Amendments piecemeal, 18 Nov 2011
THE Joint Action Group for Gender Equality (JAG) is deeply concerned over amendments to the Employment Act (EA) recently tabled in parliament, not just in terms of how it affects workers’ rights but also the sections pertaining to sexual harassment (SH). JAG has always highlighted the need for proper legislation on SH and is appalled to see this piecemeal effort despite the submission of a memorandum on the proposed SH Bill in 2001.
We have in the past, engaged the relevant ministries in discussion about the proposed SH legislation via submission of a signature petition, follow-up letters, participation in dialogues, working groups and countless press statements, all of which seem to have mostly gone unheeded. We had specifically highlighted why SH requires a specific act and is unsuitable for incorporation in the EA. Despite these longstanding efforts, we are disappointed at the blatant disregard of the rights of victims of SH in the superficial approach to legislating on it in the EA.
We highlight some major shortcomings of the SH provisions in the EA relating specifically to the mechanism of redress:
— The amendments state that the employer (or any class of employers) must hold an inquiry upon receiving a complaint of SH. They do not take into account the tripartite relationship between the complainant, the harasser and the management. The impartiality of the inquiry is questionable especially if the employer is the harasser.
— The amendments allow the employer to decide whether or not to hold an inquiry. Should the employer decide against an inquiry, the complainant can refer the matter to the director-general (DG) who may agree with the employer or instruct the employer to hold an inquiry. However, the objectivity of any inquiry would be at risk, given that the employer was not willing to hold one in the first place.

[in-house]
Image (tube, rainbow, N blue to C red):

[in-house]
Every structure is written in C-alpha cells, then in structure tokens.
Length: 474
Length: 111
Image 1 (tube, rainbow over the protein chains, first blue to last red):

— The amendments do not detail the mechanism by which an impartial inquiry can be held. Instead, it details when an employer can refuse to conduct an inquiry. What are the chances of fair redress should the employer be biased towards the perpetrator, not be sensitised to or well-versed with the issue of SH? The same argument can also apply to the DG who receives a complaint. The need for an impartial tribunal to ensure reasonable standards of inquiry cannot be overstated.
— The amendments are silent about the right to appeal to an independent third party in respect the outcome of an inquiry held by either the employer or DG.
In the event an inquiry proves SH has taken place, disciplinary action will be taken against the perpetrator. However, the only supposed remedy available to the victim is that he/she can resign without notice and get termination benefits!
It has been 12 years since the government launched the Code of Practice for the Prevention and Eradication of Sexual Harassment at the Workplace. The amendments pertaining to SH in the EA show a lack of understanding of the issue of SH and the complexities involved in investigating and resolving complaints. Worse, they make a mockery of the mechanisms of redress.
We therefore urge the relevant ministry to reconsider JAG’s comprehensive draft bill and set aside the amendments to the EA. It is the right of every person to work in an environment free of sexual and other forms of harassment and be guaranteed proper redress mechanisms. This government is duty bound to ensure that workers’ rights are protected.
The Joint Action Group for Gender Equality (JAG) comprises:
Women’s Centre for Change, (WCC) Penang
All Women’s Action Society (AWAM)
Persatuan Kesedaran Komuniti Selangor (EMPOWER)
Women’s Aid Organisation (WAO)
Perak Women for Women Society (PWW)
Sabah Women’s Action Resource Group (SAWO)
Sisters in Islam (SIS)